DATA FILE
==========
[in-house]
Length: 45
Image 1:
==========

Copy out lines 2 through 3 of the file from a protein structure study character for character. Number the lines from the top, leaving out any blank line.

Length: 45
Image 1: